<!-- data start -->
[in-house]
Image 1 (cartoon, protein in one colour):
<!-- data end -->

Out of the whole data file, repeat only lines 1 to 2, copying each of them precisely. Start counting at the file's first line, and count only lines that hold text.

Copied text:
[in-house]
Image 1 (cartoon, protein in one colour):